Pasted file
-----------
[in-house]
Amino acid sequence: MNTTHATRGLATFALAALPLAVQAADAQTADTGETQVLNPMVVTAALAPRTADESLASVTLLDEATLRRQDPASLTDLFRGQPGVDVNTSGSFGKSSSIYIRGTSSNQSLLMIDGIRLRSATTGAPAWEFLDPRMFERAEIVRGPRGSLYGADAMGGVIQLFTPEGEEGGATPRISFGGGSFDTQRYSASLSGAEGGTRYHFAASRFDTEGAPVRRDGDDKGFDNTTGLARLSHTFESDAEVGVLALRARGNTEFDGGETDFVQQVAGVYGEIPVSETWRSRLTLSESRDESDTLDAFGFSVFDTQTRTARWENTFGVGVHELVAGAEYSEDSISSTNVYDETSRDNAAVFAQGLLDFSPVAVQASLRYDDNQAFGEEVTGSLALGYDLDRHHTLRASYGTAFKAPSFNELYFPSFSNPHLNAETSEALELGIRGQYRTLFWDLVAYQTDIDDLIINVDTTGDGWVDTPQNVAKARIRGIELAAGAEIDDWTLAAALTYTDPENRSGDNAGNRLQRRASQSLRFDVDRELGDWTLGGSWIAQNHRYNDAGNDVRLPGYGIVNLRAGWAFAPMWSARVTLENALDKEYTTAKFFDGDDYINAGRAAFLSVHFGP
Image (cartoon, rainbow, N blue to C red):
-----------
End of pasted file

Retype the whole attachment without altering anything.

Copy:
[in-house]
Amino acid sequence: MNTTHATRGLATFALAALPLAVQAADAQTADTGETQVLNPMVVTAALAPRTADESLASVTLLDEATLRRQDPASLTDLFRGQPGVDVNTSGSFGKSSSIYIRGTSSNQSLLMIDGIRLRSATTGAPAWEFLDPRMFERAEIVRGPRGSLYGADAMGGVIQLFTPEGEEGGATPRISFGGGSFDTQRYSASLSGAEGGTRYHFAASRFDTEGAPVRRDGDDKGFDNTTGLARLSHTFESDAEVGVLALRARGNTEFDGGETDFVQQVAGVYGEIPVSETWRSRLTLSESRDESDTLDAFGFSVFDTQTRTARWENTFGVGVHELVAGAEYSEDSISSTNVYDETSRDNAAVFAQGLLDFSPVAVQASLRYDDNQAFGEEVTGSLALGYDLDRHHTLRASYGTAFKAPSFNELYFPSFSNPHLNAETSEALELGIRGQYRTLFWDLVAYQTDIDDLIINVDTTGDGWVDTPQNVAKARIRGIELAAGAEIDDWTLAAALTYTDPENRSGDNAGNRLQRRASQSLRFDVDRELGDWTLGGSWIAQNHRYNDAGNDVRLPGYGIVNLRAGWAFAPMWSARVTLENALDKEYTTAKFFDGDDYINAGRAAFLSVHFGP
Image (cartoon, rainbow, N blue to C red):